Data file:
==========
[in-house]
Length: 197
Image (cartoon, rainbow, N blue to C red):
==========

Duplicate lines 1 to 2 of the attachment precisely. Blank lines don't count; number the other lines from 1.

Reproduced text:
[in-house]
Length: 197